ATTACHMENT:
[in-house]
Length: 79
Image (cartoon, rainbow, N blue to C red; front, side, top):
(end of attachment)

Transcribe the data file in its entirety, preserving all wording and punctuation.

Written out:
[in-house]
Length: 79
Image (cartoon, rainbow, N blue to C red; front, side, top):